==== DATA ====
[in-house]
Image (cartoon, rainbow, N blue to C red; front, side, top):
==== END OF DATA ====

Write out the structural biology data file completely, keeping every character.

[in-house]
Image (cartoon, rainbow, N blue to C red; front, side, top):